This is the Dango D01 Dapper wallet, and it’s not an ideal product.
If you’ve watched any of my EDC update videos, then you’ve probably seen this wallet. I’ve had a lot of questions asked about it, and it has been in my EDC carry for almost two years, so I thought I should finally make a review. As always, I’ll be sharing both my pros and cons and whether I think this wallet is ultimately worth it.
For starters, I like the concept that this wallet is predicated on. It’s a front-pocket wallet, and it’s been totally overbuilt. You can see that there is no less than ten bolts to secure the leather to the aluminum frame, so this thing isn’t falling apart. Dango nailed the build here, and I can find no fault in terms of quality.
An accessory that I’m fond of is this paracord beaver tail that they included when I bought mine. Funnily enough, it’s super useful when you’re going through a restaurant drive-thru. Accessing a front pocket wallet when you’re seated is difficult, and I love how the beaver tail makes the wallet more accessible.
Unfortunately, this is where I run out of good things to say about this wallet. When I bought this wallet, it came with a multitool card – this is the only distinction between the D01 and T01 tactical wallets that Dango sells. Now to put it nicely, the multitool is hot garbage. It’s poorly designed, and it will poke you if you aren’t careful. For this reason alone, I cannot recommend purchasing the T01 wallet. The other issue you run into with the multitool card is that it sucks up precious space.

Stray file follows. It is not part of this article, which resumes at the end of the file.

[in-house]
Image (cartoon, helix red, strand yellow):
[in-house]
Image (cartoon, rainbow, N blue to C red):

Dango says that the wallet has a capacity of 12 cards; however, realistically the capacity is much closer to seven cards, and that’s not even including the multitool. The leather compartment in front will hold three cards max and the back holds about four. As you add more cards to the wallet though, you’ll notice that the RFID plate starts to “float” and it just doesn’t look pretty. This is a direct consequence of the way they’ve used the rubber band to hold everything in place. And here-in lies another design flaw: The entire functionality of the wallet is predicated on the rubber band. To Dango’s credit, this seems to be a high-quality band and I’ve never had an issue – yet. Luckily, replacement bands can be bought for like five bucks.
Let’s talk conclusions – is the Dango wallet worth it? I’m sure you can see where this is going, and the answer is a flat NO especially not at $70. The build quality is good, the aesthetics are godly, but the design execution is simply poor. The only reason why I still carry it to this day is because it works for my small collection of cards. If you carry more than seven cards and aren’t willing to skimp on cash, then this probably isn’t the wallet for you. In short, despite what anyone else might say, to me this is an overpriced, niche wallet. And if I ranked wallets like I did my flashlights, this would probably be a solid C-minus.